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Malaga Attractions

Malaga was an important port more than two thousand years ago and remains from past civilizations can be found in and around the city.

All the major Mediterranean civilizations have been present in Malaga thanks to the strategic position af its port which made it an exceptional site to establish trade routes. Remains from Phoenicians, Greeks, Carthaginians, Romans and Arabs are still to be found in and around Malaga. The Alcazaba, built in the 7th to mid-11th century, is one of the largest Arab fortresses in Andalucia. The Archaeological Museum is located in this building, which contains valuable peaces from the Phoenician and Roman periods.

The Castillo de Gibralfaro from the 14th century, joined to the Alcazaba by a stretch of wall, gives the best view of the city, which opens out into the sea with the port and the promenade of La
Farola, one of the major leisure areas of the city. Just below the entrance to the Alcazaba are the ruins of an amphitheater dating from Roman times, the bullring, Plaza de Toros de la Malagueta, and the historic quarter of the city.

In the center of the old town stands the Cathedral, built 16th-18th century, it has an unfinished right tower. Other prominent churches in this district are Santiago, los Martires, Sagrado Corazon and Santo Cristo de la Salud.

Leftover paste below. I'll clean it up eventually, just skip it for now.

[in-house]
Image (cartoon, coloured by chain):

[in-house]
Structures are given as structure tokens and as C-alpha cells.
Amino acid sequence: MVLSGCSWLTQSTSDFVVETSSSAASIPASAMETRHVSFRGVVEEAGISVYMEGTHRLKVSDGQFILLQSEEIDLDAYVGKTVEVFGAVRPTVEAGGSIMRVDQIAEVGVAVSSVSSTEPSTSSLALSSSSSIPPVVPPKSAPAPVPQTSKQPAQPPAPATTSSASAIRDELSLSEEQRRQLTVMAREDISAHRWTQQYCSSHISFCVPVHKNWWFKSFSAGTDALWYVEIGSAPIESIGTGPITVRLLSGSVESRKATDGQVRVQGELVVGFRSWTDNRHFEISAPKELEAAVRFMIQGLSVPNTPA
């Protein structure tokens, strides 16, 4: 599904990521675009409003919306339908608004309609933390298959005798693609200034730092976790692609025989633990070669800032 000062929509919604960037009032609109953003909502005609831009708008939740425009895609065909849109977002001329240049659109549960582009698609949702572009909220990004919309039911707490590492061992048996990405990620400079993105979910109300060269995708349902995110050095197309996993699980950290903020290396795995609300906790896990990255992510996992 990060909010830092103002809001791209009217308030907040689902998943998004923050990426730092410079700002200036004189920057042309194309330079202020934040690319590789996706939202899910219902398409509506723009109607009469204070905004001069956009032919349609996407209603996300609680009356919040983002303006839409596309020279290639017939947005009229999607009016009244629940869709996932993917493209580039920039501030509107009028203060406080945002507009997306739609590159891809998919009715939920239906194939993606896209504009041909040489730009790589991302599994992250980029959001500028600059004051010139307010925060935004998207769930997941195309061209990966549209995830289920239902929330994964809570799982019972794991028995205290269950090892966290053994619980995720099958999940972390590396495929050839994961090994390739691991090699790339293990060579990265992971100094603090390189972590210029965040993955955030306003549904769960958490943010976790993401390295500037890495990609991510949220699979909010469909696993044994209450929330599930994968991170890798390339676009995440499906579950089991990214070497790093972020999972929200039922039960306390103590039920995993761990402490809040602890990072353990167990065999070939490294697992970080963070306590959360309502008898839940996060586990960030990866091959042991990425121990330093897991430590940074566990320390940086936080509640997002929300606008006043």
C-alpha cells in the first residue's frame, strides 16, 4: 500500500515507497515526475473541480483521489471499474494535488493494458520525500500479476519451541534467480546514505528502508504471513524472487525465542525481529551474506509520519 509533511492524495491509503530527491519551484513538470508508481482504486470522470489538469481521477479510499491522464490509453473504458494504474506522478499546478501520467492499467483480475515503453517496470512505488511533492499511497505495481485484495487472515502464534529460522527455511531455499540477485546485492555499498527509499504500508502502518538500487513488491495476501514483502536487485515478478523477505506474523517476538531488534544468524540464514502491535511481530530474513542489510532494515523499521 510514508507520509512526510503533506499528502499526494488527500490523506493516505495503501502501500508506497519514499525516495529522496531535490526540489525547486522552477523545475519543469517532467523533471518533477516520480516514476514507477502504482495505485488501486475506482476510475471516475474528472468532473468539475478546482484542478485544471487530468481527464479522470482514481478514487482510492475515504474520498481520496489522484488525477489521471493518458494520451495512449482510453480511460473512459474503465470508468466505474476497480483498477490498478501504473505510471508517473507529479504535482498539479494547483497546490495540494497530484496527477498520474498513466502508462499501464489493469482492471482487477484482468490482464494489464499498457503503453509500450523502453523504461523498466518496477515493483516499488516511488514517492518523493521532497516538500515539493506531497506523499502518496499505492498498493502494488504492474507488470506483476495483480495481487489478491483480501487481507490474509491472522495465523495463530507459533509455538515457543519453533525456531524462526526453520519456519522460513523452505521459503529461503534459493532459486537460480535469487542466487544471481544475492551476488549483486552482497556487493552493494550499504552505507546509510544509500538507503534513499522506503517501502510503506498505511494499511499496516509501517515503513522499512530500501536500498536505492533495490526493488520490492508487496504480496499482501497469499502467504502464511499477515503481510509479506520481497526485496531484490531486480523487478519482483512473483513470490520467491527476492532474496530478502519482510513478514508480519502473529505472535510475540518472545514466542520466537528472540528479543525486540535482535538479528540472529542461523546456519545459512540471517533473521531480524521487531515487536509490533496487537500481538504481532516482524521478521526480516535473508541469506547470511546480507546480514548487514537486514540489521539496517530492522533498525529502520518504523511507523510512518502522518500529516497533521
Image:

Historic Malaga offers countless spots and corners full of local colour. Plaza de la Mercedes can be admired, and one of the houses is where Pablo Picasso was born in 1881. A visit to the Picasso Museum is a must for those interested, and Malaga's colorful Market, the Mercado de Atarazanas, is one of the most appealing in Andalucia.

But Malaga has much more, lots of shops, restaurants, bars, cafs, clubs and other kind of entertainment. Malaga is located in the center of Costa del Sol, known for its beautiful beaches and charming villages. Also Costa del Sol is known for its many golf courses, especially to the west of the city, towards Gibraltar. Most of the course are within easy reach by car.

If you go inland there are many historical and interesting cities to be found, like Antequera, it only takes about hour from Malaga, if you use the motorway, and around 1 if you take the small roads which brings you through some beautiful landscapes. Further away is Mijas, a charming, white city in the mountains about 10 km. from the coast, and with fantastic views.

Even further down the coast towards Gibraltar is Ronda, about 40 kilometers inland. Ronda is known for its Roman and Arabic remains, and as being one of the old centers in Spain for bullfighting, the bullring is among the oldest in Spain.

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